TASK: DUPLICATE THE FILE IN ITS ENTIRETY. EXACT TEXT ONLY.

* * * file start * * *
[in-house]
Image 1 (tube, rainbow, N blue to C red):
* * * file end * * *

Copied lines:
[in-house]
Image 1 (tube, rainbow, N blue to C red):